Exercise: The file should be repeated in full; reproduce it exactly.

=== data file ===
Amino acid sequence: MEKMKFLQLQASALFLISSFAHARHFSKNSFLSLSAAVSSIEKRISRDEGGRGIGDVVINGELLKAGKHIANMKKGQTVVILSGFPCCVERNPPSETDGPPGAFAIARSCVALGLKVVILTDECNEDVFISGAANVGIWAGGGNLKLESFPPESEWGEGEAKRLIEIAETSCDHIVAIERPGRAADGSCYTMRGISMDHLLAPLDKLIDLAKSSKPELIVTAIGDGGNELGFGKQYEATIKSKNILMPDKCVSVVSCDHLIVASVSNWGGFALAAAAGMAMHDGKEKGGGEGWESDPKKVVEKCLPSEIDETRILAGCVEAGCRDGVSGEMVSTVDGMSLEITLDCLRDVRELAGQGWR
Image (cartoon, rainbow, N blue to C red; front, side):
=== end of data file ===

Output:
Amino acid sequence: MEKMKFLQLQASALFLISSFAHARHFSKNSFLSLSAAVSSIEKRISRDEGGRGIGDVVINGELLKAGKHIANMKKGQTVVILSGFPCCVERNPPSETDGPPGAFAIARSCVALGLKVVILTDECNEDVFISGAANVGIWAGGGNLKLESFPPESEWGEGEAKRLIEIAETSCDHIVAIERPGRAADGSCYTMRGISMDHLLAPLDKLIDLAKSSKPELIVTAIGDGGNELGFGKQYEATIKSKNILMPDKCVSVVSCDHLIVASVSNWGGFALAAAAGMAMHDGKEKGGGEGWESDPKKVVEKCLPSEIDETRILAGCVEAGCRDGVSGEMVSTVDGMSLEITLDCLRDVRELAGQGWR
Image (cartoon, rainbow, N blue to C red; front, side):